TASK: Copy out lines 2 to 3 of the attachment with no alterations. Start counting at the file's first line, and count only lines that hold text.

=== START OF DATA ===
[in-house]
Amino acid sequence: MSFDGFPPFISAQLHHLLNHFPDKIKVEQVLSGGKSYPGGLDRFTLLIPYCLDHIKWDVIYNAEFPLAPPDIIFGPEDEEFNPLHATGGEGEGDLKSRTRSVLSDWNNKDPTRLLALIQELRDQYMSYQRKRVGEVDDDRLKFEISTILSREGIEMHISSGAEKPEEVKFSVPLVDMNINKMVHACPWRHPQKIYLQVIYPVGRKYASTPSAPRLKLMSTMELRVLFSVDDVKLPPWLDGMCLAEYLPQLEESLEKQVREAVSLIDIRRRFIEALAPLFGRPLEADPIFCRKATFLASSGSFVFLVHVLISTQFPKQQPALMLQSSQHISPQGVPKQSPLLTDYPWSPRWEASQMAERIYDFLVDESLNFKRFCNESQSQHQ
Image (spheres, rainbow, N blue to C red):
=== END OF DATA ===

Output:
Amino acid sequence: MSFDGFPPFISAQLHHLLNHFPDKIKVEQVLSGGKSYPGGLDRFTLLIPYCLDHIKWDVIYNAEFPLAPPDIIFGPEDEEFNPLHATGGEGEGDLKSRTRSVLSDWNNKDPTRLLALIQELRDQYMSYQRKRVGEVDDDRLKFEISTILSREGIEMHISSGAEKPEEVKFSVPLVDMNINKMVHACPWRHPQKIYLQVIYPVGRKYASTPSAPRLKLMSTMELRVLFSVDDVKLPPWLDGMCLAEYLPQLEESLEKQVREAVSLIDIRRRFIEALAPLFGRPLEADPIFCRKATFLASSGSFVFLVHVLISTQFPKQQPALMLQSSQHISPQGVPKQSPLLTDYPWSPRWEASQMAERIYDFLVDESLNFKRFCNESQSQHQ
Image (spheres, rainbow, N blue to C red):